Monday, July 23, 2007

Plan A & Plan B

Plan A: I traced the pattern. Then I cut it out without seam allowances to have a look at on Zillie and decide how to proceed. The good news is that I'm pretty sure I'll like this top on me if I can work through the alterations. The bad news is the alterations are going to be many. But I knew that going in.

As you can see below, the underbust band is under Zillie's bust. But …

… that's just an illusion! I have the whole garment pinned a couple of inches down from the true shoulder.

And there's still quite a bit of real estate in the nether regions left uncovered.

I stared at the pattern draped on Zillie many times today. Part of me wanted to start slicing & dicing to add length and width "by eye." The other part of me was thinking how messy and unexact this would be and how I want to preserve the original lines as much as possible.

Plan B: Returning to Square 1 and grading up the pattern in a more controlled manner.

I used the grading lines on the pattern sheet (the pattern in pink) to go up 3 sizes, from 42 to 48. More specifically, I measured many points on the pattern between the printed sizes and then increased by those amounts at corresponding points on the pattern sheet to create my new size. I did this on the pattern sheet itself because, hey, what's one more set of lines, right? If you click the photos to enlarge them, you should be able to see my black pen lines a little more clearly.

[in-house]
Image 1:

This grading process really didn't take that long. I sat at my cutting table with the TV on in the background and I was done in about an hour. Next, I'll trace again but this time following the lines of the "new" size and adding seam allowances so I can cut a muslin. I know I'll have to do regular pattern alterations, but first things first. Let's see how this up-graded pattern fits Zillie and how accurate my grading is.

Judy asked in the comments about the origin for the Duro name. Duro refers to the London-based designer Duro Olowu who reincarnated this style a couple of years ago and made it his own for the runway, with bold prints and colors. It's trickled down to the masses and it seems that all dresses (and tops) with this basic look are becoming known as Duro dresses (tops) even if they're not Duro originals.

1 comment:

  1. Ok, this really interests me because A) I've been wanting to do this myself. And B) You're doing all the work. :D

    Gah, I love this top!


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